Let’s say you want to train a neural network to advise on a healthy lifestyle. You make a randomized questionnaire and hire a bunch of people to answer the questions like “how does drinking [1 ∨ 2 ∨ 3] cups of water every [morning ∨ afternoon ∨ evening] makes you feel?”

Now let’s imagine, for the sake of this mental experiment, all your respondents have started to take cocaine. They now feel great all the time no matter how bad their health is getting.

“No sleep for two days?” “Great!” “Jogging for seven hours?” “Super!” “Bourbon for breakfast?” …


I’m Ukrainian and I can’t save my money.

I can’t save in cash. I learned this early in life when I got a summer job to buy a new second-hand monitor. Mine was in a pretty bad shape, it kind of worked but needed manual adjustments all the time. I really wanted to replace it just so I could work and play in peace. So I held my job for a couple of months, but by the end of the summer, I still lacked some cash so I decided to wait until next year.

Unfortunately, the year was 1998. Ukraine’s…


This became a Words and Buttons buffet-story: https://wordsandbuttons.online/redundant_stories_about_redundancy.html

Yovko Lambrev, CC BY 3.0, via Wikimedia Commons

Let’s say you want to keep your core temperature under control. You put a thermal sensor there, wire it out to some kind of SCADA, and here you go. Except, since it’s very important, you can’t rely on just one wire. What if for whatever reason it snaps?

So you add another scanner and another wire. It’s now more reliable. But what if one of the scanners shows 300 degrees Celsius, and the other 1234? Should you shut down the reactor or replace the broken scanner?

Well, you add another scanner and…


Until just yesterday, I thought AI will never replace me as a programmer.

Well, programming as a profession was waltzing with its own death from the very beginning. I imagine, when someone came up with the Assembler for the first time, a lot of people thought that this is the end.

What? A program that turns human-readable scribbles into real machine code? So every manager can write code now? Are we obsolete? Have we had been automated? Is it time to pack out things and go?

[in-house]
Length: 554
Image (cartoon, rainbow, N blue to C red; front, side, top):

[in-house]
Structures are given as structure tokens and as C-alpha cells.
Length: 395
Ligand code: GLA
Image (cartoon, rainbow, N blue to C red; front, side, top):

Then soon enough high-level languages came in. Languages such as FORTRAN and COBOL. Now…


When I was little, there was programming, and there was everything else. Geometry had rulers and compasses, programming had pixels. Physics had formulas that magically held all the time, programming had GOSUB and GOTO. Chemistry. Oddly, chemistry, where everything takes time, was rather close to programming in this particular regard, but otherwise it had absolutely nothing in common.

In college I suddenly saw how programming is essentially math. I mean, every computation is a map — a function from input space to output space. Even statefull computation is just a function of state plus input. There are maps that translate…


Words and Buttons Online is a growing collection of interactive tutorials, demos, and quizzes about maths, algorithms, and programming. I’ve been making it with a little help from my friends for 3 years now, and I’m not going to stop anytime soon.

It is not hugely popular. The daily audience is only about 300 visitors. But it does hit the Hacker News front page every once in a while, so it’s not completely marginalized either. Of course, I would like it to be more popular, but I’m also too shy to promote it fiercely. …


By any measurable criteria, Rust is better than C++. Julia is better than C++ even by some non-measurable ones. D was designed to be better than C++ to begin with, and its very existence, all the 18 years of it, shows that it is.

However, we don’t see flocks of C++ programmers migrating to the next new thing whatever this thing is. It’s simpler! Ok. It’s safer! Whatever. It’s more expressive! If you say so.

Are all these people unreasonable? Are they just stubborn? Do they hate progress?

I don’t think so. I think, staying with the slightly inferior thing…


I’ve been running away from C++ for most of my professional career. And I have to admit, in 15 years, I didn’t run away very far.

My first full-time job was about maintaining a project written by five different teams over eight years. Every team brought the fad of their own into the project so it had everything from 3-star programming to the Alexandrescu-style template magic. It wasn’t something designed from the top. Or from the bottom. It was more like a scrapheap challenge project.

By that time, I already had some experience with Delphi, C, Python, and Assembly from…


Words and Buttons Online is a growing collection of interactive pages about maths, algorithms, performance, and programming languages. Apparently, it’s also my blog.

This year I started to support RSS, published 11 new pages, renovated a few old ones, experimented with publishing in Ukrainian, and opened up one of my tools for general public. This was a fun year.

The site got first million hits this August. This doesn’t mean anything for the users but it means something to me. Mostly, that the very basic plain stand-alone site can be successful. …


In 2013 I was working in nuclear power plant automation. Can’t talk much since I still haven’t figured out which part of it was classified. But I probably wouldn’t get arrested for mentioning that the job required reading a lot of assembly code.

Reading assembly is not as hard as it might occur to an untrained person. In fact, everyone can read a bit of assembly. But in large quantities, it’s not too easy either. The mnemonics like RCR, WBINVD, and CMPXCHG8B are fun to write, but hell to read.

What’s worse, the standard approach to syntax highlighting doesn’t help…

Oleksandr Kaleniuk

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